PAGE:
January 17, 2014, 05:30:00PM. By Gordon Gibb
Boston, MA: The parade of Internet payday loan lawsuits advanced last month with the filing of an action by the Consumer Finance Protection Bureau (CFPB) against CashCall Inc. among other defendants. CashCall is based in Anaheim. The allegations include an accusation that CashCall had undertaken to debit consumer checking accounts for loans that had been made illegally. The loans therefore, according to the lawsuit, are void.
That’s because Internet payday loan sites do not acquire the necessary licensing required by more traditional, storefront payday loan vendors. The Internet vendors have also been widely accused of charging exorbitant fees that fly beyond interest rate caps observed by most states. This positions the loans, according to lawmakers, as completely illegal - and various attorneys general in several states are cracking down in an effort to protect consumers.
But it is not an easy task, according to a story published in The Kansas City Star (12/17/13). Loan vendors have been known to find various ways around the regulations and jump through any available loophole with both feet. In the case of Western Sky Financial, which reportedly made the actual loans that have lawmakers in the CashCall lawsuit up in arms, it is claimed the enterprise is owned by an individual with Indian tribe status and, therefore, remains exempt from state laws.
The Kansas City Star reports that Western Sky halted the making of loans last year. CashCall, meanwhile, is reported to have continued to attempt collecting on loans that lawmakers have interpreted as illegal, and thus have initiated internet payday loan lawsuits against CashCall and two of its subsidiaries. For its part, CashCall is of the view that it has every right to collect
on those loans and has done nothing wrong, vowing to fight any challenge to its right for collecting on those loans, in court.
The internet payday loan industry has grown thanks to the convenience and widespread availability of the Internet. Traditional payday loan vendors, working out of storefronts, have long been a mainstay for individuals with poor credit, low wages or with an inability to manage their finances. They seek payday loans often as a means to keep going between paychecks.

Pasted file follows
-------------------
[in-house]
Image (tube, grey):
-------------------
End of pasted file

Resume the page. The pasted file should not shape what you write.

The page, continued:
Rates of interest for payday loans are usually higher than those offered by more traditional sources of financing, such as banks. That said, various states observe caps for interest rates in an effort to protect the consumer, and storefront operators are required to operate within those caps.
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Internet payday loan operators, however, do not adhere to those caps as they don’t maintain premises in the states where consumers reside and approach them online for loans. As a result, interest rates can be in the hundreds of percent compounded annually, and sometimes up over a thousand percent. Such financing rates, for those who can least afford such rates, have been described in terms ranging from predatory to inhumane.
Various attorneys general in states such as Arkansas, Arizona, Colorado, North Carolina and New York have launched Internet payday loan lawsuits in an effort to prevent these vendors from making loans and conducting commerce in their respective states in which the vendors are not properly licensed.
The lawsuit is Consumer Financial Protection Bureau v. CashCall, Inc. WS Funding, LLC, Delbert Services Corporation, and J. Paul Reddam, Case No. Case 1:13-cv-13167, Filed December 16, 2013, in US District Court, District of Massachusetts.
Category: Payday loans